Connection; discovering the Archaeology of Rufford Abbey Country Park 2013-2015; the Mayflower Pilgrims
in the East Midlands; Ellerslie House for Paralysed
Sailors and Soldiers in Nottingham.
The Northamptonshire Archive, based at Wootton Hall Park in Northampton, has launched a range of high quality products featuring selected images from the archive collection. Exclusively available online , each item is produced to order and delivered to the customer’s address.
Whether it’s a quirky mug, some Christm
as cards or a beautiful framed print, there is something to suit all budgets. Images currently available include vintage maps and Victorian Christmas cards – although the range will be extended.
The range can be seen at www.redbubble.com/people/northantspast
Tickets have gone on sale in September for the Estate’s third annual spectacle of performance, projection and pyrotechnics in November.
The centuries old tradition of thanksgiving was reinstated on Bonfire Night at Boughton House in 2013 in tribute to Edward, First Lord Montagu of Boughton- the father of Bonfire Night.
Edward personally sponsored legislation known as The Observance of 5th November Act 1605, which called for an annual thanksgiving for the failure of The Plot to assassinate King James I of England – setting in motion a tradition which has spanned centuries.
The Estate, home now to Edward’s descendant, the Duke of Buccleuch, will become a backdrop to the event telling the thrilling story of Northamptonshire’s infamous conspirators, as the production, in association with Northamptonshire County Council and Leicester-based theatre innovators METRO-BOULOT-DODO, returns on November 5th, 6th and 7th.
The Gunpowder Plot takes place at Boughton Estate on November 5th, 6th and 7th. Tickets are on sale from Royal and Derngate (www.royalandderngate.co.uk) priced at £12.50 per adult and £8 for concessions.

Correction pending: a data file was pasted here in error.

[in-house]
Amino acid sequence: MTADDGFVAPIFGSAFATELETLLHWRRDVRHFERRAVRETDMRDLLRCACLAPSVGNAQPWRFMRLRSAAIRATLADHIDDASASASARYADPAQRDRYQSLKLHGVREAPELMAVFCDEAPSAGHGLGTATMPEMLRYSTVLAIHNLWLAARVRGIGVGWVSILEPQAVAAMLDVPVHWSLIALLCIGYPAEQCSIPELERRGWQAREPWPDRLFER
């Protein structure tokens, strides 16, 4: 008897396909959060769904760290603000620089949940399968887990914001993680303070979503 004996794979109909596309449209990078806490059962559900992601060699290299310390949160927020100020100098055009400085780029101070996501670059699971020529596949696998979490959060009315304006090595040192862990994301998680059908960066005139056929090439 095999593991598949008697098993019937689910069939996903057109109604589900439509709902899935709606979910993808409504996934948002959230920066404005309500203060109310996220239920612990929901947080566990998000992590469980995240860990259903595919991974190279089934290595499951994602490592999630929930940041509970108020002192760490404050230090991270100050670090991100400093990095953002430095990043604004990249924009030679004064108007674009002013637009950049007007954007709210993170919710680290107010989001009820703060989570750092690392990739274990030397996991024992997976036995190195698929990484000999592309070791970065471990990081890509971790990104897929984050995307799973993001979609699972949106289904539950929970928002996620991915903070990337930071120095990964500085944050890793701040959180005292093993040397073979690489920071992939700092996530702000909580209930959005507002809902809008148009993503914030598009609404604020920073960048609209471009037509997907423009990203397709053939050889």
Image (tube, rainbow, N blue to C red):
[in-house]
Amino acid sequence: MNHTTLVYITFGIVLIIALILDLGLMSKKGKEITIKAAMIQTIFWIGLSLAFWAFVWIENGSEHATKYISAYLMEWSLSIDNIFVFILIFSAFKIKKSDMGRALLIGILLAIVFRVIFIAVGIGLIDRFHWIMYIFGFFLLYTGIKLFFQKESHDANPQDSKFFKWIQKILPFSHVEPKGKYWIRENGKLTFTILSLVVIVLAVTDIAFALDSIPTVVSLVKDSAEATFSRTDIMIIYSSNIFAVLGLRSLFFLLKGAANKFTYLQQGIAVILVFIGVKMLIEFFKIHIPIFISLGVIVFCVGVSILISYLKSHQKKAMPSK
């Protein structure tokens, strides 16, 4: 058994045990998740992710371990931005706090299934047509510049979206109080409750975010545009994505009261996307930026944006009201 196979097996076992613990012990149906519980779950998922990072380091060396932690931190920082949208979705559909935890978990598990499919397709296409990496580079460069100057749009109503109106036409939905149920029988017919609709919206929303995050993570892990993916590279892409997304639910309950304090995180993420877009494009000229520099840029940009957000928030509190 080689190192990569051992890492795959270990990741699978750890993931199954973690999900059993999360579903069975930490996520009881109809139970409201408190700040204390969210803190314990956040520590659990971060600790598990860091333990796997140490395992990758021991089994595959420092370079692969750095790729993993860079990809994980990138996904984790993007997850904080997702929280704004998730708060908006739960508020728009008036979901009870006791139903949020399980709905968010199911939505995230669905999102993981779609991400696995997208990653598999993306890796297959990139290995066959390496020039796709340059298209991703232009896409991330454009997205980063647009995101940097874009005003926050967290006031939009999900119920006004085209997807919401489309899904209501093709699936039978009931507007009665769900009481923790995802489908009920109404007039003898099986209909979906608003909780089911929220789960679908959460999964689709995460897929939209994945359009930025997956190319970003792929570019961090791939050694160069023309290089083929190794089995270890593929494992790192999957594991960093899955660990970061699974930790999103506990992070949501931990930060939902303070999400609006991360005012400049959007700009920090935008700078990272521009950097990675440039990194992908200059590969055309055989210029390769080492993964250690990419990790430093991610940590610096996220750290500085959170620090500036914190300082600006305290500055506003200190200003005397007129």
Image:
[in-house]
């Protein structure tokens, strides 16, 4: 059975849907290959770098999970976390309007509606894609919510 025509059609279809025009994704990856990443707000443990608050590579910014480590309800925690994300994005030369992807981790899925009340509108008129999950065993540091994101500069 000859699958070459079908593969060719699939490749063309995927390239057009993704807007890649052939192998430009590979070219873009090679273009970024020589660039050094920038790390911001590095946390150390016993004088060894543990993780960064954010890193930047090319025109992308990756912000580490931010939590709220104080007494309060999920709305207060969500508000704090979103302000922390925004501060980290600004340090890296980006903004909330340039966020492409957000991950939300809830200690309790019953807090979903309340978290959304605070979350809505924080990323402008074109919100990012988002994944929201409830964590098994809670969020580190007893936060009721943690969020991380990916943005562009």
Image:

For more information on upcoming events at Boughton House, visit www.boughtonhouse.co.uk.
Four world-class marble sculptures in St Edmund’s Church in Warkton, Northamptonshire, that commemorate members of the Montagu family, have been restored following a year-long £500,000 project managed by The Prince’s Regeneration Trust.
Two of them were created by Louis Francois Roubiliac, who is considered to have been one of the greatest sculptors working in 18th century England.
The church will be open every Thursday from 10am to 2pm (and at the same times every day in August except for Sundays) throughout 2015 to allow the public to view the stunning pieces of art in all their restored glory.
The English Civil War is the central theme of this issue – chosen to coincide with the opening of the new national Civil War Museum at Newark. Charles I always recognised this strategic importance of the region; it was in Nottingham that he chose to raise his standard on 22 August 1642. Bloody sieges followed, particularly at Newark, but also at Bolingbroke and Ashby-de-la-Zouch. Nottingham, Lincoln, Gainsborough became ‘frontier towns’, decisive engagements were fought at Naseby, Winceby and Willoughby on the Wolds. The East Midlands became the gateway through which rival armies passed; to deny access became a chief objective for both sides. War brought disease, treachery and heroism. Its social costs were high; its legacy in terms of destruction, disruption and disability was far reaching.